$$\begin{aligned} \frac{d^2y}{dx^2}+\biggl (\frac{\gamma }{x}+\frac{\delta }{x-1}+\frac{\varepsilon }{x-a}\biggr ) \frac{dy}{dx}+\frac{\alpha \beta x-w}{x(x-1)(x-a)}y=0. \end{aligned}$$
In particular, \(Hl\) is a polynomial when \(\alpha \ \text {or}\ \beta \in -\mathbb {N}\).

2 Main result

Theorem 1

  1. (1)
    Assume \(k=(4n+1)/3\ \text {such that}\ n=0,1,2,\ldots ,\ n\not \equiv 2\pmod {3}\). Then Eq. \((\sharp )^{(2)}_k\) has a two-dimensional space of solutions in \(\mathbb {C}[\phi ^{(2)}_1,\phi ^{(2)}_2]_{wt=k}\). Its generators are
    $$\begin{aligned} \phi ^{(2)}_1(\tau )^{3k} Hl\Bigl (-8, \frac{k(1\!-\!3k)}{2}; \!-\!k, \frac{1\!-\!3k}{4}, \frac{3\!-\!k}{4}, \frac{1\!-\!3k}{4}; 8\frac{\phi ^{(2)}_2(\tau )^3}{\phi ^{(2)}_1(\tau )^3}\Bigr )\\ \!=\! 1\!+\!O(q),\\ \phi ^{(2)}_2(\tau )^{\frac{k\!+\!1}{4}}\phi ^{(2)}_1(\tau )^\frac{11k-1}{4} Hl\Bigl (-8, \frac{(k\!-\!7)(1\!-\!3k)}{16}; \frac{1\!-\!3k}{4}, \frac{1\!-\!k}{2},\frac{k\!+\!5}{4}, \frac{1\!-\!3k}{4};\\ 8\frac{\phi ^{(2)}_2(\tau )^3}{\phi ^{(2)}_1(\tau )^3}\Bigr )\\ \ \!=\!q^\frac{k\!+\!1}{12}\!+\!O(q^\frac{k\!+\!13}{12}). \end{aligned}$$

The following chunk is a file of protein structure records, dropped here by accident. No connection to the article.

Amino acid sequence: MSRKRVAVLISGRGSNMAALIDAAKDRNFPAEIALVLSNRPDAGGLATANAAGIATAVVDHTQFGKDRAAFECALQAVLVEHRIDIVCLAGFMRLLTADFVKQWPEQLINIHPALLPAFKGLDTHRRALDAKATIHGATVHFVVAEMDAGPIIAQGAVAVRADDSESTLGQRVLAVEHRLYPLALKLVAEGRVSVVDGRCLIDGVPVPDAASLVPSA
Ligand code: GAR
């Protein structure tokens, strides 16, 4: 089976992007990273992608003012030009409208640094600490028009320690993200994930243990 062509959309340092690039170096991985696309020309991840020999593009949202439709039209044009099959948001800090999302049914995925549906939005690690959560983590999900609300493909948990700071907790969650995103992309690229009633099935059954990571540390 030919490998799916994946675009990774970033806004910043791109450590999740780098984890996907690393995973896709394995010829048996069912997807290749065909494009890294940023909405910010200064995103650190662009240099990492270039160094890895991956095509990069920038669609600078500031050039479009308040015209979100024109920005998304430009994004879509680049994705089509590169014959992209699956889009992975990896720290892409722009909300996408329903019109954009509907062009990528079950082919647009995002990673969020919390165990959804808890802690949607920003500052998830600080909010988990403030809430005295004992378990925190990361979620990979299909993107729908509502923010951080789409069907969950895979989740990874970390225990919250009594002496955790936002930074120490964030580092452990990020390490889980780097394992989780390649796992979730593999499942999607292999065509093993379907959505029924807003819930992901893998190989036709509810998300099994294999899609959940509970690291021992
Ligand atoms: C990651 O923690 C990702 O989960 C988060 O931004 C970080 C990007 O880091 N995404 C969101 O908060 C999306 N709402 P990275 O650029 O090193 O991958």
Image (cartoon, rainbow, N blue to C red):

2. (2)
    Assume \(k=(3n+1)/2\ \text {such that}\ n=0,1,2,\ldots ,\ n\not \equiv 1\pmod {2}\). Then Eq. \((\sharp )^{(3)}_k\) has a two-dimensional space of solutions in \(\mathbb {C}[\phi ^{(3)}_1,\phi ^{(3)}_2]_{wt=k}\). Its generators are
    $$\begin{aligned} \phi ^{(3)}_1(\tau )^{2k} Hl\Bigl (9, k(2k\!-\!1); \!-\!k, \frac{1\!-\!2k}{3}, \frac{2\!-\!k}{3}, \frac{1\!-\!2k}{3}; 9\frac{\phi ^{(3)}_2(\tau )^2}{\phi ^{(3)}_1(\tau )^2}\Bigr )\\ \!=\!1\!+\!O(q),\\ \phi ^{(3)}_2(\tau )^{\frac{k\!+\!1}{3}}\phi ^{(3)}_1(\tau )^\frac{5k\!-\!1}{3} Hl\Bigl (9, \frac{(k\!+\!10)(1\!-\!2k)}{9}; \frac{1\!-\!2k}{3}, \frac{2\!-\!k}{3},\frac{k\!+\!4}{3}, \frac{1\!-\!2k}{3};\\ 9\frac{\phi ^{(3)}_2(\tau )^3}{\phi ^{(3)}_1(\tau )^3}\Bigr )\\ \ \!=\!q^\frac{k\!+\!1}{6}\!+\!O(q^\frac{k\!+\!7}{6}). \end{aligned}$$

Remark 2

By the conditions for weight \(k\), the Heun local series in the above theorem become polynomials.

3 Proof

We will prove the result only for the case of level \(2\). The case of level \(3\) can be treated in a similar manner. To prove this theorem, we need the following proposition.

Proposition 1